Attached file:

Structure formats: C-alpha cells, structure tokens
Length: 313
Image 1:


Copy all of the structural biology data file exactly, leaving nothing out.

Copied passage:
Structure formats: C-alpha cells, structure tokens
Length: 313
Image 1: